Tag Archive | retroactively inspired

Double retroactive inspiration

A blog I wrote in 2013 about my favourite subject of ‘retroactive inspiration’, needs an update!
In an newspaper I saw a beautiful picture of a 60 years old cable cabin, located in Chiatura in Georgia. I looked it up on the internet and there were even more pictures of this amazing 6 kilometre long cable transport, what is still used intensively by the locals.
When I painted my cable cabins in 2003, internet already was a good source to find all kinds of stuff, but this kind of treasures weren’t discovered yet. So, those days I painted the cabins like I thought an oldfashioned cabin would look like.
Now I’ve seen these pictures of the cabins in Chiatura I can add a new case to my tag list of retroactive inspirations.

What about originality?

28 November 2016

Some people say: “Everything has been done already before”.
And I’ve always been afraid that the things I paint are created by someone else once before. That I am not aware of it and therefore I innocently could be accused of copy-catting. A demoralising thought!
Before the start of a new painting I thoroughly search the internet for images that could be interpreted as similar to my idea. If I find one, then the inspiration is instantly quenched.
Luckily it only happened once. I wanted to paint a Dutch mill on a moonscape, but a friend found an image of a comparable scene! I was disappointed and relieved at the same time.

There are artists who are inspired by the work of another artist. I think most of the artist are. At least at the beginning of their career. A lot has been written about the concept of inspiration, but personally I don’t want to see who is the source of inspiration in one’s artwork. If that is too transparent, I think the artist hasn’t fully developed his or her own handwriting. I won’t say then he is not a good artist, but for my own work I find it a requirement that nobody can see the early puppy admiration.
Actually, I’m not flattered anymore if someone says: “Ohh, your work reminds me of Dali!” Grmppff … what Dali?!?! My work is completely different! And it isn’t Willink-like too. Phew, get some new glasses!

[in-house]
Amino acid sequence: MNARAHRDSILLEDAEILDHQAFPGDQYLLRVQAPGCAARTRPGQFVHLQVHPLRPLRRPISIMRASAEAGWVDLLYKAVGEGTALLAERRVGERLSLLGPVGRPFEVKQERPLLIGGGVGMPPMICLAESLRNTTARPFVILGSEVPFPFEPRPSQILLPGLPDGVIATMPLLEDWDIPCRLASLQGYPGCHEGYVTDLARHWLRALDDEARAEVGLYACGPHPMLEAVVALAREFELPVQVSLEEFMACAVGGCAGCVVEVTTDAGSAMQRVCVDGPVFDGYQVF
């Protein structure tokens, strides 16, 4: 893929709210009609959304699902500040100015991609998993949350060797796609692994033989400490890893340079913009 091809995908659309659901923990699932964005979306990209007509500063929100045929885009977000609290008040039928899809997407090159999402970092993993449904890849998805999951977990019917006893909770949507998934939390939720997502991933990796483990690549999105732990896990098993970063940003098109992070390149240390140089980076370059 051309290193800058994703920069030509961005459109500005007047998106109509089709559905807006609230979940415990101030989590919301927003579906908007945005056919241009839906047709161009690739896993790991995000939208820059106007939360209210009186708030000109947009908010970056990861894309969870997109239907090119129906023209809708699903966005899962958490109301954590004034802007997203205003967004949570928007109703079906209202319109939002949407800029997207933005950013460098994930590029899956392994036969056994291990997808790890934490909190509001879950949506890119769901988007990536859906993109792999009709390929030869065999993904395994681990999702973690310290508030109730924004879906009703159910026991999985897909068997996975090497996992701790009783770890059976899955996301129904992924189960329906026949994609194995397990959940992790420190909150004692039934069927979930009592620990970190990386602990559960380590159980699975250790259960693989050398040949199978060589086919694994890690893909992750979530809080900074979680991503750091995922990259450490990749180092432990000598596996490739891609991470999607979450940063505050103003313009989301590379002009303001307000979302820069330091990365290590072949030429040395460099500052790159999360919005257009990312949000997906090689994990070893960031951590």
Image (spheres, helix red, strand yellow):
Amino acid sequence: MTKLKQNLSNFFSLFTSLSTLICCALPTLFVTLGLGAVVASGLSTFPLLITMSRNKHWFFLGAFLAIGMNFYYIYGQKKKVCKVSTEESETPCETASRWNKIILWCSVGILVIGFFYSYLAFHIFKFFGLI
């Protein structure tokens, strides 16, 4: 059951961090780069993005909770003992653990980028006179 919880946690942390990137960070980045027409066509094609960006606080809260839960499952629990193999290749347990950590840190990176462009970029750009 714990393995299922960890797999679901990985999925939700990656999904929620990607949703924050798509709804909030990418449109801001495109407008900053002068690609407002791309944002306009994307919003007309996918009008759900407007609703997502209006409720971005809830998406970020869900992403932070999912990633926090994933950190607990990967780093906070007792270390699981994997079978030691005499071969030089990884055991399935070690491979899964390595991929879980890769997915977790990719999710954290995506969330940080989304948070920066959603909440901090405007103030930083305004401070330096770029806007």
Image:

I really want to stop checking the web before I hit a new canvas. Both beforehand and afterwards.
When I started my series of portraits in 2011 and just had finished 3 of them, I discovered a Serbian painter who created the same kind ‘deformed’ portraits and also had added a kind of fantasy stories to them.
I was upset for months! I so had enjoyed painting my own portraits and making up their imaginary lives … and now suddenly I could not go on with this project. The spark was completely dead.
It took months before I found back the fun. Months before I could see that the difference between the Serbian guy and me was big enough to go on. That there was room for both of us.

The image on the top left I found on the internet and is made by Justin Miller. On the right side my Agaricia Bullio.
The second left image was named ‘Gonzo Green forest’, but I couldn’t find any more information.
Justin, Gonzo, Slavko and I possibly have been the soil for the seeds of the same source of inspiration.
It doesn’t matter … everything has been done already before. It was a stupid fear anyway.

inspiration, originality

Real life beats fantasy

27 November 2013 (South Africa)

Again I saw an appearance in nature that I painted years before I had seen it in real. Or even ever thought it would exists in real.